in SWEEP! Magazine -
Changing of the guard as Team Canada face tough
challenge at Worlds
Sonja Gaudet, picked as
alternate, was the sole survivor from Canada’s 2006 gold medal
Paralympic team when Team Canada 2009 was finally announced a week
before Christmas. To no one’s surprise Jim Armstrong will skip, with
Darryl Neighbour at 3rd and Ina Forrest and Chris Sobkowicz at the front
end. Chris, from Winnipeg MB, is the first non-BC athlete to make the
team since the departure of Chris Daw.
Although Gerry Austgarden, Gary Cormack and Bruno Yizek did not make
this season’s team, they will remain on the practice squad which may be
expanded next season by a player or two. The standard of provincial
curling continues to improve, and more players are commanding the
attention of the national coaches.
While Canada hopes to do well at the 2009 Worlds, the goal remains 2010
and the coaches are not following the lead of many national teams such
as Scotland and the USA, by committing to a settled team for the next
“There was so little to choose between the eight squad members,” said
program director Gerry Peckham, “Every member of the squad will start
with a clean slate after the Worlds, with a chance to make the 2010
Team Canada had wins in Scotland and Ottawa in 2008 but Armstrong was
beaten by Alberta in the final of December’s Richmond International
Cashspiel, provoking new calls for the Canadian Nationals to decide who
wears the maple leaf.
Last year Korea’s full-time curlers threw ten points better than
accepted benchmarks for excellence, raising the question whether
part-time athletes will be able to compete at the highest level. Lack of
experience under pressure possibly cost Korea the 2008 final against
defending champions Norway, not one of the better statistical teams, but
that will make them more formidable this year. Newcomers China, looking
to emulate Korea’s high level of technical ability, took the Worlds
Qualifying tournament by storm, and will also be a threat in Vancouver.
Canada hopes their experience at skip will be decisive if the team’s
throwing can support Armstrong’s tactical understanding and ice reading.
Jim playing and training with Darryl several times a week should mean a
solid back end that makes Canada a favourite to make the podium,
something they have failed to do since Torino 2006.
Scotland, who brought two teams on a North American tour in December,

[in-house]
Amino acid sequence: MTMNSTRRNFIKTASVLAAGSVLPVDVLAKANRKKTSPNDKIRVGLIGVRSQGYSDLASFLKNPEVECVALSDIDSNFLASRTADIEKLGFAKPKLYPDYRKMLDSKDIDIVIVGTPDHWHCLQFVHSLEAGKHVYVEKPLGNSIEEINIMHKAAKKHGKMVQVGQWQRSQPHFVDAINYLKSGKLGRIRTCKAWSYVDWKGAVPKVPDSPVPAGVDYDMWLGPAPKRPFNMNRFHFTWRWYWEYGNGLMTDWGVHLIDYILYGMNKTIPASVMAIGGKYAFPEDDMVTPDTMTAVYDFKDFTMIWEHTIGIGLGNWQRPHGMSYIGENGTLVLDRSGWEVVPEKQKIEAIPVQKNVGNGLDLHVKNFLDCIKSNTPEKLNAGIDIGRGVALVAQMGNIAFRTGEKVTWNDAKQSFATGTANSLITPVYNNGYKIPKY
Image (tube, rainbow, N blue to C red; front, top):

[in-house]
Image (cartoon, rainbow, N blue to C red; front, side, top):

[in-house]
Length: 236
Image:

have struggled recently, with observers wondering why they are choosing
to throw from behind the near T-line rather than the near hogline. Canny
or calamity? Time will tell.
Norway remain confident in their ability to win when they need to, and
with back to back golds, must be considered Canada’s strongest
challenger along with Korea. This year’s Worlds (February 21st -28th)
will inaugurate the new Olympic and Paralympic curling facility in
Five provinces, BC, Alberta, Manitoba, Ontario and Northern Ontario are
holding playdowns for the Canadian Nationals. Saskatchewan,
Newfoundland/Labrador, Nova Scotia, and Quebec, will also compete in the
tournament’s largest ever field. While Team Canada, probably to avoid
contention over team status, chose not to compete, individual national
squad members will be allowed to play for their provinces but with no
more than two on any one team. That will make for an interesting BC
playdown with six national squad members competing and the four men each
playing on a different team.
Development is paying dividends in several new provinces. Northern
Ontario, guided by Dave Kawahara, now warrants a playdown. Saskatchewan
will field its first team this year. Quebec has a program started by
Lennoxville CC’s Al Whitier in Sherbrooke, and Chris Daw will be back
skipping a team out of St. John’s representing Newfoundland/Labrador.
Two tips this month. First, the skip should decide where the rock is
placed for delivery, especially now that the rules allow the stone to be
moved anywhere within 18 inches either side of the centre line. Rock
placement will make a difference to where he puts the broom, so place
the rock then move your chair to the rock, and not the other way round!
The second tip is something I have been advocating for years: if you
want to win at wheelchair curling, get your front end stones into the
rings. Let your opponents try to remove them if they choose. At least
half of the time they’ll fail, and if they’ve thrown take-out weight,
will probably not be in the rings themselves even if they succeed.
Tactical thinking has changed over the years. When Scotland were so
successful, Angie Malone was putting her lead stones into the 4 foot and
watching her opponents come up short of the rings. It’s doubtful that
would work today at lead, but stones to the wings are a challenge. And
how would I counter them? Tap them back softly, staying in front and in
the rings yourself. Good luck!
Eric Eales - Kelowna,